Organizers of Teams meetings can create polls to use during their event. The polls now boast some AI capabilities to help organizers choose the right questions. Organizers can also create and launch polls using the Teams mobile client. This seems to be taking mobility a little further than you might want to use it, but I guess some people run meetings from large iPad devices.
Microsoft has announced that Whiteboard will move its storage from Azure to OneDrive for Business. It’s a good move because it addresses several important issues. around search, eDiscovery, compliance, and data governance The switchover is due in October 2021, but Office 365 tenants will get an opt-in choice to move earlier.
The May 2021 update for the Office 365 for IT Pros (2021 edition) eBook contains changes to 20 of the 24 chapters. The changes cover many topics from Microsoft’s FY21 Q3 results to new sensitivity labels settings for Outlook. Now spanning over 1,300 pages, Office 365 for IT Pros is packed full of practical and most importantly, up-to-date knowledge and guidance about Office 365, Exchange Online, SharePoint Online, OneDrive for Business, Teams, Planner, Azure AD, PowerShell, the Microsoft Graph, and many other topics.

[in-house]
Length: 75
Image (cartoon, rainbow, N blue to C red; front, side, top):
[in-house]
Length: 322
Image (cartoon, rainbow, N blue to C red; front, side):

Microsoft is rolling out a new calendar board view for OWA. The new board looks very similar to a Project Moca board, which isn’t surprising because it’s a customized Moca board tailored to focus on the calendar. There’s no news yet when Project Moca might exit its current preview status, but maybe the new view will help by convincing people about the worth of configurable boards.
For whatever reason, Microsoft decided to cancel plans to remove the Top Senders and Recipients report from the SCC, citing customer feedback as the reason. The thing is that the SCC report and its underlying cmdlet use an old data source. The Microsoft Graph Reports API is the modern approach and an adequate replacement usage reports is available in the Microsoft 365 admin center. I really can’t understand why anyone would want to keep the old report as it’s not very good at all.